Bone Mineral Content Continues to Increase in Obese Adolescents During Weight Loss
Obese teenagers who succeeded in losing weight in a year-long medically supervised weight control program also saw their bone mineral content increase over that period, say researchers from The Children’s Hospital of Philadelphia. The finding was reassuring, because adolescence is a critical period for bone health in later life.
A study in the current issue of the journal Obesity studied 62 adolescents between the ages of nine and 17 years who participated in a trial looking at the effectiveness of a comprehensive, family-based, behavioral weight control program in conjunction with a weight loss drug, sibutramine. The researchers previously reported the combination of behavioral changes and medication helped very obese teenagers lose weight.
In adults, obesity is associated with increased bone mineral density and voluntary weight loss is associated with a decrease in bone mineral density. The findings in this study show that bone mineral content continues to increase in this adolescent population despite weight loss.
“The growing pediatric obesity epidemic raises important clinical and public health questions about the effects on lifelong bone health of early onset obesity and its treatment,” said Nicolas Stettler, M.D., M.S.C.E., pediatric nutrition specialist at The Children’s Hospital of Philadelphia and lead author of this study. “Although fractures due to low bone mineral content are mainly a problem for the elderly, the amount of bone mass acquired during puberty is the key determinant of lifetime fracture risk.”
Using a dual energy X-ray absorptiometry scanner (DXA), researchers looked at specific body areas including legs, arms and lumbar spine as well as the bone mineral content of the whole body. The data was compared with a reference group of 66 adolescents. Bone mineral content of the obese subjects was higher than that of the reference group at the beginning and end of the study.
When looking at each subject’s bone mineral content, adjusted for their height, the researchers noticed that bone mineral content in the arms and legs increased less than would be expected with growth while the lumbar spine content increased more than expected. These changes in bone mineral content were largely explained by changes in the amount of fat and muscle in the body during the intensive weight loss program.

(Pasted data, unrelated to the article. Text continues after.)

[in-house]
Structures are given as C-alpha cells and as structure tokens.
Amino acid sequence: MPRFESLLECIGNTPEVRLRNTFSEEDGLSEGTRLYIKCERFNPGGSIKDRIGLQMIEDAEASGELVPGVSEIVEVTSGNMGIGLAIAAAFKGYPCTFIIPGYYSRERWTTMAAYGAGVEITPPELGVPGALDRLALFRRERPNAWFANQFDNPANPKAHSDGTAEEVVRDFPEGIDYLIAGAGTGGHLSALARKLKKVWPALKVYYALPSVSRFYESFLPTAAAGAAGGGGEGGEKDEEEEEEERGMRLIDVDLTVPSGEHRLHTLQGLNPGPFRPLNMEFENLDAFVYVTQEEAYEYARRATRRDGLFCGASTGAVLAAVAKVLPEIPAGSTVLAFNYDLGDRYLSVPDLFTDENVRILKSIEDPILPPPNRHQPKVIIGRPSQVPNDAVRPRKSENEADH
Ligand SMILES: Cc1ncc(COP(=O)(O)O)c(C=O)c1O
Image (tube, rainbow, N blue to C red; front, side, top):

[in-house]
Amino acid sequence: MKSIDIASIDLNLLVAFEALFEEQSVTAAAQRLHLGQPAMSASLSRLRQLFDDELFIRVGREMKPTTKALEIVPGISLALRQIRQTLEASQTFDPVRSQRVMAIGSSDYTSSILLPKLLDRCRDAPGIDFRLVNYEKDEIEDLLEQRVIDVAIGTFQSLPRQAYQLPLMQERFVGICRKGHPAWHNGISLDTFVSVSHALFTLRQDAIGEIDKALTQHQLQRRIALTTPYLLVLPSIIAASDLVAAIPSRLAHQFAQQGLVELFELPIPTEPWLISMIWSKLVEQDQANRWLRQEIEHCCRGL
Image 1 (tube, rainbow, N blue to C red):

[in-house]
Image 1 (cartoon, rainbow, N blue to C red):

“As obesity treatment during adolescence becomes more frequent, it is important to understand the role of weight loss on bone health during this critical period,” Dr. Stettler added.
This study was supported by the National Institutes of Health, the General Clinical Research Center at Children’s Hospital, Knoll Pharmaceutical and Abbott Laboratories.
Dr. Stettler’s coauthors were Robert I. Berkowitz, M.D., chief of Child and Adolescent Psychiatry at Children’s Hospital; Joanna Cronquist of Children’s Hospital; Justine Shults of the Center for Clinical Epidemiology and Biostatistics, University of Pennsylvania School of Medicine; Thomas A. Wadden, of the Weight and Eating Disorders Program at the University of Pennsylvania School of Medicine; and Babette S. Zemel, Ph.D., and Mary B. Leonard, M.D., both of Children’s Hospital.
About The Children’s Hospital of Philadelphia: The Children’s Hospital of Philadelphia was founded in 1855 as the nation’s first pediatric hospital. Through its long-standing commitment to providing exceptional patient care, training new generations of pediatric healthcare professionals and pioneering major research initiatives, Children’s Hospital has fostered many discoveries that have benefited children worldwide. Its pediatric research program is among the largest in the country, ranking third in National Institutes of Health funding. In addition, its unique family-centered care and public service programs have brought the 430-bed hospital recognition as a leading advocate for children and adolescents.
Source: Children’s Hospital of Philadelphia
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